Malaysia’s Bloodless Repression against Activists and Critics

Memo #383

By: Wei Lit Yew – wlyew2-c [at]

Where does Malaysia stand in the face of rising activism?

yew-wei_lit2013 marked the point at which the Barisan Nasional (National Front, BN) coalition government of Malaysia began constricting political space, after experiencing its worst electoral performance in its history. In 2015, the number of people investigated, charged, and convicted under the draconian Sedition Act totalled 220 – a quintuple rise from the previous year. The repressive trend continued in 2016, as opposition leaders and political activists endured thus far the worst of state intimidation.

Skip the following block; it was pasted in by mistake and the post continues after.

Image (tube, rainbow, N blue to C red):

The Penang Chief Minister and prominent opposition leader Lim Guan Eng has been accused of graft, with the possibility of imprisonment depending on the High Court’s decision. The BN had already used this tactic to imprison another opposition party leader, Anwar Ibrahim. Just as several foreign political activists were denied entry into Malaysia, the chairperson of Bersih (Malaysia’s electoral reform movement) was barred from travelling overseas. The state similarly views student activism as particularly menacing. A university student convicted of sedition was originally sentenced to one year in prison, before successfully appealing for a reduced sentence of a RM5,000 (USD$1,237) fine.